Is a membership to Jenny Craig tax deductible?
I say “probably not” because some weight loss programs are tax deductible, but the rules are very narrow. Programs like Jenny Craig or Weight Watchers are only deductible as a treatment for a specific disease diagnosed by a physician. Now the good news is that ‘obesity’ (as a medical term) is a specific condition that would qualify – as is hypertension and similar diseases – but you have to prove that you’ve been diagnosed by a physician as such and that the weight loss program was ordered by the doctor. In other words, if your doctor merely advises you to lose some weight to protect your health, that’s not sufficient.
If you qualify (meaning that a doctor has ordered you to perform a specific physical activity due to a diagnosed medical condition), you can deduct fees for the program but you cannot deduct gym or health club membership dues. Some separately stated activity fees, such as those for water aerobics, would be deductible if prescribed by a doctor.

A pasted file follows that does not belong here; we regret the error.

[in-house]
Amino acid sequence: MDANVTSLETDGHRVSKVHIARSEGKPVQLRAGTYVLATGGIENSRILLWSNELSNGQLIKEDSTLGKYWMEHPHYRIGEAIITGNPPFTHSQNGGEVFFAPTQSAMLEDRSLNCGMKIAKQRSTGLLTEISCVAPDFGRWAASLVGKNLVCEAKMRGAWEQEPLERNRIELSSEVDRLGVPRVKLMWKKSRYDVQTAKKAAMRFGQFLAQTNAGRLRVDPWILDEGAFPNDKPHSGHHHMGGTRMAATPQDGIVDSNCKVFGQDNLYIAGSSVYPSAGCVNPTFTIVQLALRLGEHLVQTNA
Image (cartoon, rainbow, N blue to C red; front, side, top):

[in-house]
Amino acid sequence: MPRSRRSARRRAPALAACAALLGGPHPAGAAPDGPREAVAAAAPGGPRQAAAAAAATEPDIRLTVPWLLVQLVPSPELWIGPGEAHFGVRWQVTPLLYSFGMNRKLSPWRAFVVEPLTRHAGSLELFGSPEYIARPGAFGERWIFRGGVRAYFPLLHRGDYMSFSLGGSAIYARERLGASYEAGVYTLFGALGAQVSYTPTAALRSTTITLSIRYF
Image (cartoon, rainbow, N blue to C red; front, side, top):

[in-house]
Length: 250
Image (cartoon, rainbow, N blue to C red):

Also not deductible? The cost of food in those plans. Under extremely limited circumstances, the costs of some foods (foods outside of the realm of “normal nutritional needs” used to treat an illness) may be deductible – but only to the extent that the costs exceed your “normal” diet. But chowing down on Jenny Craig’s meals just to cut fat and calories? That doesn’t count.
The bottom line is that most weight loss plans aren’t tax deductible. Keep in mind, though, that some health insurance companies may provide reimbursements for weight loss plans and health club memberships. So even if Uncle Sam won’t cut you a break, you may still find a benefit yet – of course, the best benefit is being and staying health (*clears throat nervously, wondering if anyone notices that I’m contemplating hamburgers for dinner*).
Good luck with your weight loss plan!